The final step is for the installer to strike the top of the collar member 25 with the hammer 13 to force fit it over the assembly of the ends of the main support post 31 and braces 18 to rigidly and fixedly attach the post and braces together. This creates a three legged structure which is extremely sturdy and can carry very heavy loads. The fence support 10 may be disassembled by knocking off the collar member 25 with the hammer 13.
In hilly terrain it is necessary that the braces 18 form different angles with respect to the main support post 31 depending upon the slope of the hill where the fence support 10 is being located. In such situations the braces 18a depicted in FIGS. 6 and 7, which allow the brace angle to be varied to accommodate the hilly terrain, are used. This type of brace 18ais used in essentially the same way as that shown in FIGS. 1 and 2, except that the installer will adjust the angle between the elongated bearing element 26 and the clevis 54 as required by the terrain, and then with this angle set, place stakes 23 into the stack holders 16 and 17 and drive the stakes into the ground.
As shown in FIGS. 8 through 11, the fence support may employ main support posts of different cross-sectional configurations. In FIGS. 8 and 9 a fence support 10a is illustrated with a main support post 31a made of wood and having a square cross-section. The braces 18a are T-bars which are bent outwardly at their ends to form elongated bearing elements 26a. In this arrangement the cross bars 1a rest against the flat mating surfaces 70 of the exterior of the wooden main support post 31a. A conventional strap 25a is used as the collar member. Upon assembly, a screw closure 60 is tightened to hold the main support post 31a and braces 18a together firmly. Loosing the screw closure 60 allows the fence support to be easily disassembled.
FIGS. 10 and 11 illustrate a fence support 10b using a main support post 31b having a circular cross-section. In this situation the exterior wall 71 of the post 31b provides the mating surface which is in the form of a segment of a cylinder. The elongated bearing elements 26b are shaped to conform to the wall 71, that is, they include a concave surface 72 which upon assembly abuts the wall 71.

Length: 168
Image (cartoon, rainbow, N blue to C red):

FIGS. 12 and 13 show a fence support 10c used to support a gate 80. This fence support 10c is essentially the same as that shown in FIG. 1, except that a pair of tubes 81 and 82 are disposed between the collar member 25 and the anchor 24. Each of the tubes 81 and 82 has a terminal flange 81a and 82b respectively which bear against each other. The tube 81 has threaded studs 85 which are received in the gate 80 and bolts (not shown are secured to the studs to attach the gate to the tube 81. It was found upon testing that the braces could be at an angle of only 12°. Typically the angle between the braces 18 for all applications will range between 12° (gate supports) and 180° (line supports). Surprisingly, a young boy for example can climb on the end of the gate 80 a swing on the gate and the fence support 10c will still be able to carry the load.
The above description presents the best mode contemplated of carrying out the present invention. This invention is, however, susceptible to modifications and alternate constructions from the embodiments shown in the drawing and described above. Consequently, it is not the intention to limit this invention to the particular embodiments disclosed. On the contrary, the intention is to cover all modifications coming within the spirit and scope of the invention as generally expressed in the following claims.